the hall of halls. Heorot was the name
he had settled on it, whose utterance was law.
Nor did he renege, but doled out rings
and torques at the table. The hall towered,
its gables wide and high and awaiting
a barbarous burning. That doom abided,
but in time it would come: the killer instinct
unleashed among in-laws, the blood-lust rampant.

Then a powerful demon, a prowler through the dark,
nursed a hard grievance. It harrowed him
to hear the din of the loud banquet
everyday in the hall, tha harp being struck
and the clear song of a skilled poet
telling wih mastery of man’s beginnings,
how the Almighty had made the earth
a gleaming plain girdled with waters;
in His splendour He set the sun and the moon
to be earth’s lamplight, lanterns for men,
and filled the broad lap of the world
with branches and leaves; and quickened life
in every other thing that moved.

Hoe ongelooflijk moet het niet geweest zijn om daar bij geweest te zijn, als een skald zijn lier bovenhaalde en zijn ding deed. Als man, welteverstaan. Krijger. En al.

Dit is het begin van het origineel, baai de weei:

Hwæt! Wé Gárdena      in géardagum
þéodcyninga      þrym gefrúnon·
hú ðá æþelingas      ellen fremedon.

Oft Scyld Scéfing      sceaþena þréatum
monegum maégþum      meodosetla oftéah·
egsode Eorle      syððan aérest wearð
féasceaft funden      hé þæs frófre gebád·
wéox under wolcnum·      weorðmyndum þáh
oð þæt him aéghwylc      þára ymbsittendra
ofer hronráde      hýran scolde,
 gomban gyldan·      þæt wæs gód cyning.

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Omdat een mens niet altijd moet wachten tot het dag van de poëzie is!

What voice did on my spirit fall,
Peschiera! When thy bridge I cross’d?
“‘Tis better to have fought and lost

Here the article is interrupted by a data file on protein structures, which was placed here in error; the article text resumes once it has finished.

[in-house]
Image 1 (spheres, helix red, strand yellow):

Than never to have fought at all!”

The tricolour — a trampled rag
Lies, dirt and dust; the lines I track
By sentry boxes, yellow-black,
Lead up to no Italian flag.

I see the Croat soldier stand
Upon the grass of your redoubts;
The eagle with his black wings flouts
The breadth and beauty of your land.

Yet not in vain, although in vain,
O men of Brescia! on the day
Of loss past hope I heard you say
Your welcome to the noble pain.

You said — “Since so it is, goodbye,
Sweet life! High hope! But whatsoe’er
May be, or must, no tongue shall dare
To tell — the Lombard fear’d to die.”

You said (O not in vain you said) —
“Haste, brothers! Haste, while yet we may,
The hours ebb fast of this one day
When blood may yet be nobly shed.”

Ah! Not for idle hatred, not
For honour, fame, nor self-applause,
But for the glory of the Cause
You did what will not be forgot.

And though the stranger stand, ‘tis true, —
By force and fortune’s right he stands :
By fortune, which is in God’s hands;
And strength, which yet shall spring in you.

This voice did on my spirit fall,
Peschiera! When thy bridge I cross’d;
“Tis better to have fought and lost
Than never to have fought at all.”

      — Arthur Hugh Clough, 1849

Zondag gedichtendag

The Tollund Man

Some day I will go to Aarhus
To see his peat-brown head,
The mild pods of his eye-lids,
His pointed skin cap.

In the flat country near by
Where they dug him out,
His last gruel of winter seeds
Caked in his stomach,

Naked except for
The cap, noose and girdle,
I will stand a long time.
Bridegroom to the goddess,

She tightened her torc on him
And opened her fen,
Those dark juices working
Him to a saint’s kept body,

Trove of the turfcutters’
Honeycombed workings.
Now his stained face
Reposes at Aarhus.


I could risk blasphemy,
Consecrate the cauldron bog
Our holy ground and pray
Him to make germinate

The scattered, ambushed
Flesh of labourers,
Stockinged corpses
Laid out in the farmyards,

Tell-tale skin and teeth
Flecking the sleepers
Of four young brothers, trailed
For miles along the lines.


Something of his sad freedom
As he rode the tumbril
Should come to me, driving,
Saying the names

Tollund, Grauballe, Nebelgard,
Watching the pointing hands
Of country people,
Not knowing their tongue.

Out here in Jutland
In the old man-killing parishes
I will feel lost,
Unhappy and at home.

Seamus Heaney